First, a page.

The tense political situation in Palestine and Israel has again escalated militarily in recent weeks; despite the „ceasefire“, the military confrontations do not seem to be over yet. Leah R.* (name changed), Israeli coordinator of the partner organization working in the Trialogue, describes the background and context of the events. A shortened version of the text can also be found in our Summer Bulletin.

(Text: Leah R.) Allegedly, the increasing tensions and violence between Israelis and Palestinians in Jerusalem over the past weeks were the trigger for the military escalation. However, both the events in Jerusalem and the activities of Hamas cannot be separated from domestic politics – the formation of a government in Israel and the struggle for public opinion on the Palestinian streets. Also, it is important to take into account the common interest of right-wing parties in Israel and Hamas in preventing a two-state solution.

So what happened? During Ramadan, traditionally tens of thousands of Muslims gather at the Nablus Gate (Bab al-Amud) in Jerusalem every evening at the end of fasting and especially during Iftar celebrations. This year, however, the so-called „Jerusalem Day“ also took place during the fasting month: traditionally, far-right young people celebrate the day of the „liberation of Jerusalem“ with mass marches in the Old City. These marches usually lead to violence against Palestinians; the marches were severely restricted by the government this year to prevent riots.

In addition, this month Palestinian residents were again evicted from Jerusalem’s Sheikh Jarrah neighborhood in order to house Jewish families in their place. This time it was eight families who were deported from the west of the city in 1948. The evictions are part of the settlement expansion in East Jerusalem, driven by rich settler associations that have been operating in the city for decades – with the aim of bringing the city under the control of nationalist Jews. Moreover, Israeli law allows Jews to claim land and buildings that were Jewish-owned before 1948, but at the same time prevents Palestinians from claiming ownership of property that was in their possession at the time. Since 1967, residents of East Jerusalem have held a blue Israeli identity card with permanent residency status, most of them without citizenship. The extreme right-wing groups on the Israeli side demand, on the one hand, the extension of control in the West Bank and, on the other hand, the restriction of the rights of Palestinian citizens of Israel. A demand that has found expression, among other things, in the Nationality Law passed in 2018, according to which in the Jewish state Jews precede others.

When police restricted gatherings of Muslims on the Temple Mount and at Nablus Gate and violently dispersed protests against these restrictions, the demonstrations against the eviction of Sheikh Jarrah were joined by Palestinian citizens who had been less involved in such protests before. After years of Israeli policies aimed at dividing Palestinian society, it seems that the identification of Palestinians in Israel and the West Bank with the suffering of Palestinians in East Jerusalem and Gaza and the shared fear for the future of Al-Aqsa Mosque have actually helped strengthen ties between Palestinians. In general, the Arab and Jewish populations in Israel live in separate localities, but there are some mixed cities where there is partial separation, not only of neighborhoods but also in the separate education system for Arabs and Jews. The tensions that have been simmering under the surface for years occasionally erupt into violent incidents. Usually – and this time too – it is young people who are incited by cynical politicians or who simply give expression to frustrations resulting from their social and economic situation. The psychological impact of these events is far greater than the damage to human life and property: it crumbles the ties that are repeatedly forged between Jews and Palestinians who are citizens of Israel. This is also true of the consequences of the missile fire: although it resulted in relatively few deaths, it increased the sense of existential fear in Jewish society in Israel, a fear that reinforces extreme perceptions.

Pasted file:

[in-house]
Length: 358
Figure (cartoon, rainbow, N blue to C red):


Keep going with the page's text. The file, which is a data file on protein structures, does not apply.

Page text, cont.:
It is important to note here that Palestinians and Jews in the area between the sea and Jordan are watching different media. While the Palestinians are exposed to the full horrors of the killing and destruction in Gaza, the Israeli media focuses on attacks on Israeli territory and the attacks in Gaza are only visible from a distance, making many in Israel think the government is not doing enough to protect them and prevent missile fire.

Several waves of protests have swept the streets of Israel in recent weeks. One wave of protests in solidarity with the Palestinians in Jerusalem and Gaza, in which Palestinian citizens of Israel as well as many Jews participated. These demonstrations were severely suppressed by the police. At the same time, there was a right-wing Jewish wave of protest calling for a „tougher hand“ against Hamas and the „Arab rioters in Israel.“ The third wave was Jews and Arabs, sometimes separately, but mostly together, all over the country, calling for an end to the military operation in Gaza, the evictions in Sheikh Jarrah and police violence, and promoting a shared life based on equality and justice.

In the Israeli government, that has ended its path, the discourse of peace and the end of the occupation seemed farther than ever. Can the new „government of change“ that unites parties from the right, center and left, including – for the first time – an Arab party, promote these issues?